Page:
Below is a favorite prayer attributed to Saint Francis that I believe sums up how he looked at spiritual life. This is not a prayer just for Catholics or Christians; it is an approach to spirituality and life that can benefit all of us.

Let us pray:

“Lord, make me an instrument of your peace.
Where there is hatred, let me sow love.
Where there is injury, pardon.

Where there is doubt, faith.
Where there is despair, hope.
Where there is darkness, light.
Where there is sadness, joy.

Dear God, grant that I may not so much seek to be consoled, as to console;
To be understood, as to understand;
To be loved, as to love.
For it is in giving that we receive;
It is pardoning that we are pardoned;
And it is in dying that we are born to eternal life.
Amen.”

What really rang true to me about Saint Francis’ view of spirituality is looking past, and going beyond, oneself. He sought to attend to others without regard to his own needs. To me, the prayer above speaks volumes about what it means to be a spiritual person.

At the same time, there are many quiet, gracious, inconspicuous truly spiritual people with whom we come in contact in our everyday lives who may or may not subscribe to any particular religion. Make it a point to pay attention to what is going on around you and you will see them. We can learn much from watching them.

Doing good and helping others is second nature to them. When they see a need, they do their best to fulfill it. They do it without hesitation or having to think about it. Recognition or gain of any kind never crosses their mind even for a moment. It is who they are; they have found their spirit-self.

How wonderful it is that they have chosen to share their divine selves with us! How wonderful it will be for us to join their ranks!

To What Doth My Heart Hearken? (Part 2)

I originally wrote what appears below concerning various references we make to the heart before the verse in Part 1 of this topic came to be. I toyed with various titles for the article below trying to summarize in a few words what I was trying to address. Then out of the blue came the title above. This title seemed right, but I sensed that there was so much more in the question that it posed.

Over the next few days, the question haunted me. I kept repeating the question (title) over and over in my mind like I sometimes do when I am trying to remember something or solve a problem. Each time I did so, I felt twinges of emotion that begged for expression and understanding. I found myself searching for an answer to the question that went beyond the sort of worldly aspects of what we call “heart.“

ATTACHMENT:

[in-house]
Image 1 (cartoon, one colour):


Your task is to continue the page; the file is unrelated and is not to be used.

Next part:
Finally, the constant nagging of this question forced me to sit down at the computer and wait quietly for an answer. Soon, the words started to flow effortlessly and the verse in Part 1 was born.

Here in Part 2, we move from the ethereal plane of thought to more applied, experiential sorts of examples of how our spirit can express itself.

There is a way of speaking with which we are all familiar. It is a reference to the heart that we apply to a variety of actions and emotions. I often wondered precisely what we mean when we say “heart” in these contexts.

Some of the sayings we use are things like:

All goodness flows from the heart.
I love you with all of my heart.
He wears his heart on his sleeve.
That act came from the heart.
That artist paints from the heart.
He/she sings from the heart.
And so on…

I think what is implied in these sayings and situations is that the person has called forth in themselves something beyond the physical body. Inspiration that transcends the body.

I think that by “heart” we intuitively (yet perhaps unwittingly) mean spirit. Although I am likely not the first person to come to this realization, this clarifies for me what was previously a somewhat vague reference.

I believe that love, charitable acts, artistic talents, etc. are expressions of the spirit—of our divine selves. Consequently, these are actions that we find most satisfying and fulfilling.

Perhaps the most common reference to the heart is that it is the source of a person’s love. What is suggested here is that love comes from our spirit. I would go further to say that love is the hallmark of spiritual expression. It is the essence of our divine nature. We are only truly happy when we allow our love to flow, but not just for spouse and family; rather, for all people and all of creation. Listen to your heart’s (your spirit’s) sweet refrain!